Elizabeth Garrett, 52, first female president of Cornell and former clerk to Thurgood Marshall
For Elizabeth Garrett, September 18, 2015 was the highest professional achievement in a career packed with achievements. That day, Garrett became the first female president in the 151-year history of Cornell University.
But only eight months after becoming Cornell's president, Elizabeth Garrett died of colon cancer on Monday, March 7 at her home in New York. She was 52.
Here is the University's official statement:
The news headlined the front page of the Cornell Daily Sun:
New York Governor Andrew Cuomo issued the following statement:
Before becoming president of Cornell, Garrett was Provost of the University of Southern California. From USC's Daily Trojan:
In February, Garrett announced she was undergoing aggressive treatment for her cancer and would be delegating many of her duties to members of Cornell's senior leadership:
I am optimistic that with the support of my family, friends and the Cornell community, I will be able to resume a fuller schedule soon and manage this illness. Advances in research and clinical care in cancer offer great hope to patients like me, and Cornell and Weill Cornell lead in advancing science in this arena. I am truly grateful to all the wonderful friends and colleagues who are helping me out through this difficult process.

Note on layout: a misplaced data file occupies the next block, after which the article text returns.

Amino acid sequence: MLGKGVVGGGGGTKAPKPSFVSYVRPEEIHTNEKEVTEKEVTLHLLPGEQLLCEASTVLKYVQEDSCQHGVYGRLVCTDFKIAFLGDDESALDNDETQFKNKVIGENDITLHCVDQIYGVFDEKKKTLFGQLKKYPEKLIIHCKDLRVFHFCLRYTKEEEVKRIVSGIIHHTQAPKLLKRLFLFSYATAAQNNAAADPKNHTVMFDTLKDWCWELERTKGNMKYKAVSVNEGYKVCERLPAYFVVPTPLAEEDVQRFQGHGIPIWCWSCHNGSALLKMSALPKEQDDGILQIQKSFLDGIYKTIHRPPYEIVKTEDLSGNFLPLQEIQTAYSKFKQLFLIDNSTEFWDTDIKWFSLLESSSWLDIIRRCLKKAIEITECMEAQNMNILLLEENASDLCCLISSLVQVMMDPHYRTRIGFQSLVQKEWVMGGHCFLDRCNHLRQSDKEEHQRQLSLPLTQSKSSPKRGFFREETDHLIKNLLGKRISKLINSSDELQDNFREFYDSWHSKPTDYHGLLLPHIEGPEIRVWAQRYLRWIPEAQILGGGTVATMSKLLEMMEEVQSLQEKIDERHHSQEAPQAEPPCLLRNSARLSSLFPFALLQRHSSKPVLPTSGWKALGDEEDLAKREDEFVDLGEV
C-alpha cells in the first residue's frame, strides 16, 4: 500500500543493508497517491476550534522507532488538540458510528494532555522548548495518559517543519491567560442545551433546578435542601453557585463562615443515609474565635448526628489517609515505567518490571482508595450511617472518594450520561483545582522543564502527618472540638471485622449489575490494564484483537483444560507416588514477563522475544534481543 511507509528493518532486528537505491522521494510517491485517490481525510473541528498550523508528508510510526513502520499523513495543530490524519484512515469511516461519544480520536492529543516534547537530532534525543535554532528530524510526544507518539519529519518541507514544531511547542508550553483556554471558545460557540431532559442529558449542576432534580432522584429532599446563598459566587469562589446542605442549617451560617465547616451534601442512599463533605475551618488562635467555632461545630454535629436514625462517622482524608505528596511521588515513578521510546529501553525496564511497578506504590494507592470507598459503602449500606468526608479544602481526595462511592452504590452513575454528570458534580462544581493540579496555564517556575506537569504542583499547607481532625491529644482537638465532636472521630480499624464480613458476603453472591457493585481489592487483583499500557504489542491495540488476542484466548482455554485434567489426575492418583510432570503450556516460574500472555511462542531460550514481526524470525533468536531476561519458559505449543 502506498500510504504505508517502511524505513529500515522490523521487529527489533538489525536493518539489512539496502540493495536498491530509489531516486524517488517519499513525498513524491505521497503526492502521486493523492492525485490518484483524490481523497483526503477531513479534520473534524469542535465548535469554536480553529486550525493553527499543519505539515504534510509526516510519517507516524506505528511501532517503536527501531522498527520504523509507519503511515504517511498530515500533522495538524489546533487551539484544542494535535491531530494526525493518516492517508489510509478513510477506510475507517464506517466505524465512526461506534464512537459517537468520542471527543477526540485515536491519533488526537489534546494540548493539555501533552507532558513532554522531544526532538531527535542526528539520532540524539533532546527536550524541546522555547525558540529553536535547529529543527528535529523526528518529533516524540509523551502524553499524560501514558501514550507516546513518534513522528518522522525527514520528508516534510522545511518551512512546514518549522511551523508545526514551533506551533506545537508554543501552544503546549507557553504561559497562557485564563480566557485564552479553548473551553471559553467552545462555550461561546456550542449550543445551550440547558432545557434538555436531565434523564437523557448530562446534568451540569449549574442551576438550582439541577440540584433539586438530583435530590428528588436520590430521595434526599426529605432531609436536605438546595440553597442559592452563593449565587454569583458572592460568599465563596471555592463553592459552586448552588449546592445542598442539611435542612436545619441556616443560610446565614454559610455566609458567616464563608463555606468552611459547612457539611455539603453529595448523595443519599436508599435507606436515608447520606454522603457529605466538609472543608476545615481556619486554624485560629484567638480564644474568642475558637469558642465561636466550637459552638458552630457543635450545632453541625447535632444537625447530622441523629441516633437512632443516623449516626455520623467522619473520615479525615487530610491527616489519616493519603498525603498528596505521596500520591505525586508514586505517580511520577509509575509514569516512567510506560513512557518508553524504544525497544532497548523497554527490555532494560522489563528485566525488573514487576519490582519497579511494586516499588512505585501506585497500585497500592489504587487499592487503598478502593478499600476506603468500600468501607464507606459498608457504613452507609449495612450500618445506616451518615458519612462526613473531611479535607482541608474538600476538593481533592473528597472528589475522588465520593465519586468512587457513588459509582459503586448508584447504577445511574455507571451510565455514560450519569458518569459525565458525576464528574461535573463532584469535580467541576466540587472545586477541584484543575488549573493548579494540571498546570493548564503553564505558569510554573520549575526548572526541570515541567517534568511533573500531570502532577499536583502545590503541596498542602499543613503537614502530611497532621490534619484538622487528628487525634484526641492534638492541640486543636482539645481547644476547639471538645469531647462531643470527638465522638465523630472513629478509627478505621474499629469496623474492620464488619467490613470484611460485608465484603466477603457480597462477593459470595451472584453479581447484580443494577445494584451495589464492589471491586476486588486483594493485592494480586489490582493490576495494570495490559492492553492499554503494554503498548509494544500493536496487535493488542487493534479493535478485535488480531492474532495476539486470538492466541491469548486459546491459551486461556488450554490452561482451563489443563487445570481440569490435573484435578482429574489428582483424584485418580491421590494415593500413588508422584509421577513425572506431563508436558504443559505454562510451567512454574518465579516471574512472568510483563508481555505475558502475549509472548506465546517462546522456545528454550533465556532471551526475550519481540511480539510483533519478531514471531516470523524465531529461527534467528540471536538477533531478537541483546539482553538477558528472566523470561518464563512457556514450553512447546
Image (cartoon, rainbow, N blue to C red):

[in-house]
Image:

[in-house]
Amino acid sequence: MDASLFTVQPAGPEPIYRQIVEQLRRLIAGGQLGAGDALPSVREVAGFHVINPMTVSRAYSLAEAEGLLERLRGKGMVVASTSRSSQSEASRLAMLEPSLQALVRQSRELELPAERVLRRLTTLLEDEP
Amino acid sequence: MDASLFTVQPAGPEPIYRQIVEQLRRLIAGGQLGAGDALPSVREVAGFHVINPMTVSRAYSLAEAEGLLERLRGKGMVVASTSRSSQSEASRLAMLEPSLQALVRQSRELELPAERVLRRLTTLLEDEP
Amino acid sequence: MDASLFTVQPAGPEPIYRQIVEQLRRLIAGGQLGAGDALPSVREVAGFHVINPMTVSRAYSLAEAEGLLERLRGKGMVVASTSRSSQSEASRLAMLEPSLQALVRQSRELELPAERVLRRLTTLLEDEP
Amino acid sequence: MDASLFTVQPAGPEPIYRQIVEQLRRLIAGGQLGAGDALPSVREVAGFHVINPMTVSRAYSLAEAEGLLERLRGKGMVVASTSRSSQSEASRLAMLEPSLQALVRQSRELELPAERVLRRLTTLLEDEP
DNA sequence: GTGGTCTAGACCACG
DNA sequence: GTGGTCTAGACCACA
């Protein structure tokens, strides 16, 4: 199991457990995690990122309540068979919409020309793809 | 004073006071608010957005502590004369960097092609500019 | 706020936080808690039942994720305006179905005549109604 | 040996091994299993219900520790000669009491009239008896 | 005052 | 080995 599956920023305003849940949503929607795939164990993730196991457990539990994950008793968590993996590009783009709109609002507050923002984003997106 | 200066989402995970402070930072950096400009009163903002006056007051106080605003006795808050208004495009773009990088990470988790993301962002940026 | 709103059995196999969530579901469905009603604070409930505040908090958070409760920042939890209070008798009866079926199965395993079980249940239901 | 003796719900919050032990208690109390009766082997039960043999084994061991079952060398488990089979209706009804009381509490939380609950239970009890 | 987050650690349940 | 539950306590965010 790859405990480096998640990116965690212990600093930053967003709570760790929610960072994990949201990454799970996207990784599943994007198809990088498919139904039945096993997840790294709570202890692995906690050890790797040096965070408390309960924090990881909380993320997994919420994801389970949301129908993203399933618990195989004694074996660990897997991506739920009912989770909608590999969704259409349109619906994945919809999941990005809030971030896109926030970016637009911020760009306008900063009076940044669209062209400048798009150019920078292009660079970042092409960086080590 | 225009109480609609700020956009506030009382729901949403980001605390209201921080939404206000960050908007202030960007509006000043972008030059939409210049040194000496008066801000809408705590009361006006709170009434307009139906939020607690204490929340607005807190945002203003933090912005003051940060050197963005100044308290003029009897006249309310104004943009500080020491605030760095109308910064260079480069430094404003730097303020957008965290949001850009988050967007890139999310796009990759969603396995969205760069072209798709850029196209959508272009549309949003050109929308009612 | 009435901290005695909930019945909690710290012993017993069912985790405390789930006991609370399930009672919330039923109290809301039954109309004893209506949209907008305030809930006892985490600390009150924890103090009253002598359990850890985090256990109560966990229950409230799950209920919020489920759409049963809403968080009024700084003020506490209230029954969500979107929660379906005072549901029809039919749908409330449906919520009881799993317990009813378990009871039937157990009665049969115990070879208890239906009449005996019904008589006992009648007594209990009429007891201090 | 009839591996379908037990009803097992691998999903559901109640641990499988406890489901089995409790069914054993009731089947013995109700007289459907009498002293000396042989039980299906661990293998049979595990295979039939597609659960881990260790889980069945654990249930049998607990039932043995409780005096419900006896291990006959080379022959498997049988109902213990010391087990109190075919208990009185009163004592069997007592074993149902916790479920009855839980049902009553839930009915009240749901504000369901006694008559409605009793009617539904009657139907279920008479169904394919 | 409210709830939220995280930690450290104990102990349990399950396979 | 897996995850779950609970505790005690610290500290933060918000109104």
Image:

Born in Oklahoma City on June 30, 1963, Elizabeth Garrett had a career in education and law that saw her teaching at University of Chicago, the University of Virginia Law School, Harvard Law School, as well as clerking for Supreme Court Justice Thurgood Marshall.
Her C.V. is a chronicle of a life of accomplishment:
As Garrett told the magazine Times Higher Education in 2014:
"It is important for women and men to see strong and capable women in positions of leadership, so we understand that certain characteristics such as gender and race do not determine how well people do in those offices."
Garrett is survived by her husband, Andrei Marmor, a professor of law and philosophy at Cornell; her parents, Robert and Jane Garrett; and her sister, Laura Gruntmeier.